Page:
There are many factors that contribute to healthy housing (partly governed by building regulation), but there are some trade-offs in design.  For example, in general, higher energy efficiency is good for health (especially for lower income families that may struggle with fuel bills), but if energy efficiency means reducing ventilation rates, there may be adverse effects on indoor air quality, condensation and mould growth.

Affordability of housing

In addition to traditional risk factors associated with a dwelling, it should also be remembered that the home is one of the major areas of financial expenditure for families.  The lack of affordable housing and threat to many families of losing their home because of debts they are unable to meet has become an increasing problem, and one which often has substantial negative bearings on mental and sometimes physical health.


Flooding: There are many risks to health from flooding:

  • Physical risks, from drowning and injury, due to floodwaters, unstable buildings and debris
  • Mental health aspects, from being displaced, loss of property, possessions, despair, loss of community
  • Contamination of water supplies, due to surface or groundwater flooding, by sewage
  • Lack of drinking water, mains supply and services, e.g. electricity and gas supplies being cut off
  • Disrupted access to services, e.g. transport, community services, schools, health services, postal deliveries, etc.
  • Carbon monoxide poisoning, due to the use of standby generators in unventilated spaces, or heaters used to dry out property or effects.
  • Increased risk of infectious diseases, especially water borne e.g. cholera, gastrointestinal diseases and from overcrowding and lack of fresh water supplies.

The health impacts of flooding are often underestimated due to the most severely affected population being displaced or moving out of the flooded area, for example  due to hospitalisation and death, relocation and unreported mental health effects.

In 1953 a combination of high tides and heavy downpours lead to severe flooding in coastal areas from the north sea that affected large areas of the East of England and Netherlands. Overall, the event caused over 2,500 deaths and damaged many coastal properties[4]. The flooding prompted research into quantifying and documenting the mental health impacts of the floods over generations.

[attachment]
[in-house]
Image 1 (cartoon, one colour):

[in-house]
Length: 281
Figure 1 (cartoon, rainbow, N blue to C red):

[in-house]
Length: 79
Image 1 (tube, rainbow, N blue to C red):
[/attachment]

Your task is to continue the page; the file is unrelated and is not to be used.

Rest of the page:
Key references (flooding):


Water pollution:

Health effects of water pollution are varied and widespread. The main aspects of pollution include:

  • Water supply: aspects of the availability of water, its quantity and quality can be affected when supply is short, e.g. in droughts, where contaminants and pathogens can be concentrated. Supply also affects water use and behaviour, e.g. hand washing, crop irrigation, crop growth and hence the availability of food.
  • The levels of biological contamination, often through contamination with sewage. Bacteriological examination will detect the levels of pathogens e.g. Cryptosporidium, e.coli, and other coliforms.
  • The chemical composition of water supplies, as the levels of chemicals in water can be harmful to health arising either through natural sources, e.g. arsenic in groundwater from geology, or man-made, e.g. chlorination or fluoridation additives, or industrial pollution.
  • Water pollution often involves contamination by fertilisers (nitrates or phosphates), slurry, sewage, or heavy metals (e.g. lead in water from domestic water plumbing, lead pipes or solder in pipes).
  • The need for regulation of water quality, by Regulators of public and private water supplies, e.g. the Drinking Water Inspectorate for England and Wales[5].
  • Water tests are often performed to test the suitability of drinking water supplies, which include physical properties (taste, colour and smell), bacteriology and chemical composition.

Key references (water pollution):



Key references

  • BMA.  Housing and health: building for the future.  London: British Medical Association 2003; ISBN 0 7279 1778 1
  • WHO. WHO guidelines for indoor air quality : dampness and mould. 2009:
  • Howden-Chapman P.  Housing standards: a glossary of housing and health.  J Epidemiol Community Health. 2004 Mar;58(3):162-8
  • Howden-Chapman P. Effect of insulating existing houses on health inequality: cluster randomised study in the community. BMJ. 2007; 334:460-4
  • Ghosh RE, Close R, McCann LJ, Crabbe H, Garwood K, Hansell AL, Leonardi G. (2015) Analysis of hospital admissions due to accidental non-fire-related carbon monoxide poisoning in England, between 2001 and 2010. J Public Health 2015, 1-8. doi:10.​1093/​pubmed/​fdv026.
  • Croxford, B., Leonardi, G., Kreis, I. (2008) Self-reported neurological symptoms in relation to CO emissions due to problem gas appliance installations in London: a cross-sectional survey. Environmental Health, 7: 34



Useful websites



© Dr Paul Wilkinson 2009, Rebecca Close and Helen Crabbe 2016


[2] Rehill N, Armstrong B, Wilkinson P (2015) Clarifying life lost due to cold and heat: a new approach using annual time series. BMJ Open. Apr 15;5(4):e005640. doi: 10.1136/bmjopen-2014-005640.